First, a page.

Google’s Eric Schmidt: If You Don’t Want To Use Your Real Name Don’t Use Google Plus

Eric Schmidt file photo: TDG LLC

National Public Radio’s Andy Carvin asked Google Executive Chairman, Eric Schmidt, about the Google Plus naming policy. This is a question that has been on a lot of Google Plus user’s minds since Google Plus came on the seen in the last week of June.  Many people who go by widely known pseudonyms, including “Thedroidguy” were forced to change their Google Plus names after Google started suspending those accounts. Regardless of how long you’ve used a moniker, it’s the real name Google wants.

According to Schmidt Google plus is an “identity service” which that in itself may have many people second guessing their decision to participate.

Carvin wanted to know how Google could justify their names policy when it may actually put some users at risk. The most common risks, estranged husbands and wives who’ve started a new life.  Perhaps someone who was raped or the victim of a similar crime and was able to start over using a moniker of some sort? You know real people with real problems who are totally fine using their “twitter handle” or avatar name.

More after the break

Schmidt apparently told Carvin that Google Plus was built primarily as an identity service, so fundamentally it depends  on people using their real names. Wait a second, identity service, did you sign up for an identity service? I thought we signed up for a multi-layered social media experience, hmmmm.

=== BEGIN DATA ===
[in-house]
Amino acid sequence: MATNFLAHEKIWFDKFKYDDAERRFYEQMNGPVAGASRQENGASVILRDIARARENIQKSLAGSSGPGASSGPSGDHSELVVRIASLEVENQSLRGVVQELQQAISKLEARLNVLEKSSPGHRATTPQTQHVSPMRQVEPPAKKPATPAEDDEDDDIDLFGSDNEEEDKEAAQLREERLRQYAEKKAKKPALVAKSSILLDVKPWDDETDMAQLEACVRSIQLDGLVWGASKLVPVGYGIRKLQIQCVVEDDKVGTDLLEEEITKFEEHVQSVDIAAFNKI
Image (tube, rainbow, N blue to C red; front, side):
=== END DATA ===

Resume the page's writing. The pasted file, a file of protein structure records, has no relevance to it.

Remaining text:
Paraphrasing Schmidt’s comments, Carvin wrote that the Google exec also said the Internet “would be better if we knew you were a real person rather than a dog or a fake person. Some people are just evil and we should be able to ID them and rank them downward.” (source: Mashable)

Fred Wilson jumped all over this Sunday.  Wilson contends now that Google Plus was built for Google and not for the user (of course, right).  Wilson sees highly targeted advertising, and personalized search coming from Google Plus.

This raises the question of whether celebrities will have to use their real names or other business people who may use a shortened or changed last name professionally.  Would Sergey Brin have to use his whole Russian name Sergey Mikhaylovich Brin? Should Larry Page have to change his first name to Lawrence?

I’m waiting for the debate to start. I’m waiting for someone to comment or write in and say “That’s the names they go by” because that my friends is the entire point.

source: Mashable

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